Worst Jira Admin Contest: Unanticipated Clean-up Impact

Mistake 10

When you’re wading through mucky configurations, you never know what is lurking underneath. Seemingly simple clean up activities are more complex or dangerous then they initially seem. It’s important to know exactly how each clean-up activity impacts other areas of the application.


Admin > Issues > Issue linking

Jira comes with a standard set of link types. (e.g. blocks, clones, duplicates, etc.) At one company the list of link types grew to 20 different options! To remedy this, I removed unused, outdated, and duplicate types. Jira handled the migration, automatically updating any issues associated with those old types. Sounds alright so far, right?

Unfortunately, my clean up action changed the “Updated Date” to today's date for a large amount of old issues. An internal app using the REST API was using the issue "Updated Date" field to limit the number of issues in its own application. My change caused an increase in the scope of their queries, their queries timed out, and their app stopped functioning!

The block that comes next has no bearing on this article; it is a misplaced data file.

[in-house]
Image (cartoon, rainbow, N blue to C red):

In this case, knowing what would happen in Jira wasn’t enough. It’s also important to know exactly what any apps using the REST API are doing too. Also check for the existence of service accounts in the user management admin area. This way you can consider other uses when making global changes.

Clean-up Tips

  • Always test the impact of any clean-up activities in a test environment first

  • After a clean-up action, manually verify the results

  • Be ready (reserve time in your schedule) to respond to any resulting user trouble reports

  • In Server and Data Center:

    • Run the database integrity checker

    • Run system health tools

    • Review the application logs for errors

  • Communicate early and often with others to identify impacts on any service accounts, apps, or APIs

Back to intro and mistakes list



Log in or Sign up to comment
AUG Leaders

Atlassian Community Events